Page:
The Schrodinger 30 Remote Sensing - Basic Principles wave equation for atomic-molecular scale problems is not really derivable, and should be regraded as the counterpart of Newton's laws of motion for macroscopic bodies. It is used and accepted, not because of its derivation showing validity, but because when properly applied it yields correct results consistent with observation and experiment.
The schrodinger wave equation directly yields the allowed energy levels of an atomic or molecular systems. Based on the historical development of understanding the nature of electromagnetic energy, it is presently possible to furnish a consistent and unambiguous theoretical explanation for all optical phenomena using a combination of Maxwell's electromagnetic wave theory and the modern quantum theory.
Maxwell's theory deals primarily with the propagation and macroscopic optical effects of electromagnetic energy, while quantum theory is concerned with the atomic molecular absorption and emission aspects of radiation. Maxwells Theory The four differential equations that form the basis of electromagnetic theory are generally referred to as "Maxwells's equations," and they are expressed in mathematical terms.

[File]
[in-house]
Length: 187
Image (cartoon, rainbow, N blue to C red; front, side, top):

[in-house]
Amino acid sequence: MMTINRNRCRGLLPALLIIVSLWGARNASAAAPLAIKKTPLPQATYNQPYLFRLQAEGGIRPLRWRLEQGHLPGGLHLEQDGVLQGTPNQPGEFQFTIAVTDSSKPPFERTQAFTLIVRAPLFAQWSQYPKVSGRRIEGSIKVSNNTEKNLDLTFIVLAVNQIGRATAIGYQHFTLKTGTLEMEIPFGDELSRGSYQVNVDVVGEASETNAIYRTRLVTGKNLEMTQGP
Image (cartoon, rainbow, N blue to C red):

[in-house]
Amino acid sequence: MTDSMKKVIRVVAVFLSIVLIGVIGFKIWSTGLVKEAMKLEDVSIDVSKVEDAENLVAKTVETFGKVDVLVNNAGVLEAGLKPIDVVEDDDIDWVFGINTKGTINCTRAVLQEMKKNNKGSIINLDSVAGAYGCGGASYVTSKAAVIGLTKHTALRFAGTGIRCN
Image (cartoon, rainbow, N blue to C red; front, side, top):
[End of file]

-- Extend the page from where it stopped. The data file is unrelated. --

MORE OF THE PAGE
The electric and magnetic fields may exist in regions where no electric charges are present. When the fields at one point in space vary with time, then some variation of the fields must occur at every other point in space at some other time, and consequently, changes in the fields propagate throughout space.
The propagation of such a disturbance is called an electromagnetic wave. According to Maxwell the electromagnetic state at a pOint in a vacuum can be specified by two vectors: E, the electric field in volts per meter and H, the magnetic field in ampere turns per meter. These vector quantities are completely independent of each other in the static case, and are determined by the distribution of all charges and currents in space.
In the dynamic case, however, the fields are not independent, but rather their space and time derivatives are interrelated as expressed by the curl V equations. These four equations are "Maxwell's equations" for a vacuum.
The four equations or both the fields satisfy the same partial differential equation, 31 Remote Sensing and GIS The major implication of the equation is that changes in the fields E and H propagate through space at a speed equal to the constant value c, which is known as the speed of light, with a measured value of 2.
This is the fundamental solution to the wave equation, representing a plane harmonic wave for which the solution is the same as that for the magnetic field. It can be shown that the magnetic and electric components are perpendicular to each other and that these plane waves are both perpendicular to the direction of propagation Fig. In summary, it can be seen that all electromagnetic radiation is energy in x y Fig. It consists of inseparable oscillating electric and magnetic fields that are always mutually perpendicular to each other and to the direction of propagation, the rate of propagation being constant in a vacuum.